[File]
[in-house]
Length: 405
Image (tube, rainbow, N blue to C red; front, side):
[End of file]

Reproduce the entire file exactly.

[in-house]
Length: 405
Image (tube, rainbow, N blue to C red; front, side):